I think the largest and most significant emotion that I have felt during the past 2 years has been betrayal. Some of this betrayal has come from others, but their betrayal doesn’t really bother me a whole lot anymore. What bothers me a whole lot more is feeling betrayed by God. I can handle people betraying me. It doesn’t feel good, but I can handle it. But what do you do when it seems like God has betrayed you? What do you do when you believe in an all-sovereign God who loves you and wants the best for you, but in reality your life feels like nothing more than a series of crushed hopes and dreams?

I don’t believe that anything that happened to me during seminary was beyond God’s ability to prevent or redeem. From my health issues to the actions of others to whatever. All of it was within His power to prevent. And if He wasn’t willing to prevent it I believe it was within His power to redeem and use for good. Well it has been 1 year since I graduated and 2 years since everything started crashing and burning for me and I’m still waiting for this entire mess to be redeemed. I’m still waiting for the smallest semblance of “success.” Still waiting to not feel ashamed about my lack of accomplishment in my life. To not feel ashamed about being 33 (almost 34) and living with my parents. To not be in an area that feels suffocating to me and seems to hold no future (like seriously, I do not like SWFL). To not feel like I wasted 6 good years of my life and a hefty chunk of change on an endeavor that so far has turned out to be mostly a waste of both time and money.

So why go on believing? Why not just curse God and die? Well, because everything I’ve described so far are just feelings and I do not believe that feelings determine reality. Just because you feel like God has abandoned you doesn’t mean that He has. One of the more useful experiences I had in seminary was being chronically exhausted. I was able to experience just how much different reality felt when I was I exhausted compared to when I was well rested. I learned and experience just how fickle feelings are and how quickly they can change from one moment to the next.

God is not a feeling for me. God is a reality for me. Just because I feel like God has abandoned me doesn’t mean that He has. Reality is independent of our feelings. Furthermore, Jesus Himself, literally God incarnate, also felt the same way:

And about the ninth hour Jesus cried out with a loud voice, saying, “Eli, Eli, lema sabachthani?” that is, “My God, my God, why have you forsaken me?”

Matthew 27.46 (quoting Psalm 22.1; also cited in Mark 15.34)

For me it is a comfort to read these words. To know that Jesus felt abandoned by God, and that I as a follower of Christ feel the same way tells me that I am doing something right. It tells me that what I need to do is endure and persevere. If God can redeem someone from death then He is certainly capable of redeeming my situation also. But waiting for that redemption is hard. Very hard.

When Failure Is Not Your Fault

It seems popular these days to advise people that if they fail it is all their fault and that they need to take ownership of their failure and learn and grow from it. While I think this is certainly the case most of the time, as Captain Picard reminds us above, it is not the only scenario for failure. Sometimes we do everything correct and we still fail. Or sometimes the circumstances of our situation are such that no matter what we do we will never succeed. Perhaps we are aware of these circumstances, but perhaps we are not. It doesn’t really matter in the end because we will not be able to overcome them.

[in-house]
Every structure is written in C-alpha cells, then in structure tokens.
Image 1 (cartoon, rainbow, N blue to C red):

I believe that it is better for failure to be your fault rather than to fail because success was impossible. If your failure was because of something you did or didn’t do, then that means success was likely within your control. You can analyze and reflect on your failure, correct your mistakes, and succeed (or at least improve) the next time. It might not feel good to admit that you failed, but long term it is better to have failed and learned and grown from it.

It is far worse though, I think, to fail simply because the circumstances would not allow you to succeed. To be sure you can still reflect on such failures and learn what you could have done better. But knowing that success was ultimately impossible and that there was nothing that you could do to change that is a different kind of hurt. It’s a hurt that leaves you feeling helpless and hopeless. Whatever things you might realize in hindsight that you could have done better are overshadowed by the feelings of despondency that come with realizing success was never an option.

I feel like my life has been a series of this 2nd type of failure. I feel that even though I have reflected on and learned what I could have done better or improved, that ultimately success was impossible.

Now before I go any further, allow me to explain what “success” in life is for me. At different points in my life I have had different versions of success. At one point success for me was having a family and being wealthy enough so that money wasn’t a limiting factor in pursuing opportunities. Then as time progressed I stopped caring about wealth and just wanted sufficient income to support my family. Then some more time passed and I stopped caring about having kids. Then still more time passed I stopped caring about having a wife. Now I am at the point where for me success is simply being able to support myself and move out of my parent’s house. While the devolution of my vision of success is likely significant it really doesn’t matter for the purposes of this article because at no point in my life have I achieved any of these versions. And furthermore, being able to support myself is a fundamental requirement for all these versions anyway.

So is it possible for someone to try for 15 years and not even achieve the most basic level of success of any version of success he has ever had? Oh yes. It is quite possible.